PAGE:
Local high school bands battle the hottest week of the year


For some, this is the most wonderful yet exhausting time of the year. Local high school bands are taking to the field these next two weeks to gear up for the competitive season.

Carson Vermillion and David Semones are the band directors at Science Hill and Tennessee High, and they both practice similar methods. Rather than taking a few long breaks during the day, they prefer to have the students 'gush and go.' Every 15-20 minutes, the students can run, grab a few gulps of water and get back to work.

This keeps the students focused, but keeps them hydrated and energized. As a former band member, I have experience this firsthand.

Similarly, the two directors preach healthy living off the field.

"They're athletes and we try to make them understand that they need to eat and drink much like an athlete," says Vermillion.

Here's what David Semones had to say. "Before camp, we give them a sheet and I talk to them about it at rehearsals beforehand. It's camp reminders about staying hydrated before they come to camp. They need to get off the couch and start exercising if they tend to be home bodies."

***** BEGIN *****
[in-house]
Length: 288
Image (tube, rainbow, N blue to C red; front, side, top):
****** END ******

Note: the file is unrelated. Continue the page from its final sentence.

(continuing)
The balance between conditioning and frequent breaks is appreciated by the students, like junior percussionist Adeline Preston of Science Hill. "It's really okay. It's not the end of the world."

To Tennessee drum major, Max Fleming, practicing on the turf is the hardest part. "The turf is way hotter, and if we set our instruments down to take a break we come back and kind of burn our hands."

When I shot an infrared thermometer at the turf, I was amazed. The temperature detected was close to 150°F. That's because of the black beads in the turf that re-radiate the heat.

Not to worry, though. During peak heat, these two bands take their talents indoors and/or in the shade to protect themselves from that kind of brutal heat.